We are supposed (by the arguer) to be stifled by conventional knowledge. Interestingly it usually becomes apparent fairly quickly that the arguer is amazingly free from that conventional knowledge. Indeed the arguer is effectively saying that they remain sufficiently free-thinking to see at least a glimpse of the 'reality' which is being withheld from the rest of us poor saps who read the textbooks to gain that conventional knowledge.

So the proposition seems to be that gaining conventional knowledge somehow inhibits one's facility to discern real and imaginary. This is an odd proposition, and one which would seem to be countered by observation. We don't tend to see brilliant inventions or advances from people who haven't got at least a graduate level education. Oh sure, we did in previous centuries, when there were plenty of new things to discover without requiring big expensive kit, but nowadays it is those with heads stuffed with that conventional knowledge who tend to make the breakthroughs, not those who have convinced themselves that it is all down to a magic sky-fairy, a powerful crystal, an alien intelligence, or a super-intelligent shade of the colour purple.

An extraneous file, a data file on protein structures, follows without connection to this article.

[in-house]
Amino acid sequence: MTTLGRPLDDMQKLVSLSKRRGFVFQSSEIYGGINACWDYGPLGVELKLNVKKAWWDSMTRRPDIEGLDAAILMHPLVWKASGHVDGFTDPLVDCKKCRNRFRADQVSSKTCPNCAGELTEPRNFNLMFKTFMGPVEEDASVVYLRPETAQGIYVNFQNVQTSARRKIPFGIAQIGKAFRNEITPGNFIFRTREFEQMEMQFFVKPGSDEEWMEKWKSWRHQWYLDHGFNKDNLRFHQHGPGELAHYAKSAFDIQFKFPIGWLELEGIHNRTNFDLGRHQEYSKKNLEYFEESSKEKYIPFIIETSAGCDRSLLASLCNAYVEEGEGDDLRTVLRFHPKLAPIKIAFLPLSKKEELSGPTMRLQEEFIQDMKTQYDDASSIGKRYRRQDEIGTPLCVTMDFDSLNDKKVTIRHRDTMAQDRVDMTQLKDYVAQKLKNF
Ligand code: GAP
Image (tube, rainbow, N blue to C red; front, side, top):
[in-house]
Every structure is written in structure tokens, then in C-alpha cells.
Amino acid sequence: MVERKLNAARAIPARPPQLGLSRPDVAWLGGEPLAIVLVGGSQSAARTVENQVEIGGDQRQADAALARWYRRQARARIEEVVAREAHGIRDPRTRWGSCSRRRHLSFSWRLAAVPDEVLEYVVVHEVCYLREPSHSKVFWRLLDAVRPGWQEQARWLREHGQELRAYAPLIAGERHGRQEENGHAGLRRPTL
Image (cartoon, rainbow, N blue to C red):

ocalhoun
Split from Three little words that have pissed so many people off. to keep the original thread on-topic.
deanhills
Bikerman wrote:
This argument amuses me, and I hear it many times, so I am lucky I guess Smile

We are supposed (by the arguer) to be stifled by conventional knowledge. Interestingly it usually becomes apparent fairly quickly that the arguer is amazingly free from that conventional knowledge. Indeed the arguer is effectively saying that they remain sufficiently free-thinking to see at least a glimpse of the 'reality' which is being withheld from the rest of us poor saps who read the textbooks to gain that conventional knowledge.

So the proposition seems to be that gaining conventional knowledge somehow inhibits one's facility to discern real and imaginary. This is an odd proposition, and one which would seem to be countered by observation. We don't tend to see brilliant inventions or advances from people who haven't got at least a graduate level education. Oh sure, we did in previous centuries, when there were plenty of new things to discover without requiring big expensive kit, but nowadays it is those with heads stuffed with that conventional knowledge who tend to make the breakthroughs, not those who have convinced themselves that it is all down to a magic sky-fairy, a powerful crystal, an alien intelligence, or a super-intelligent shade of the colour purple.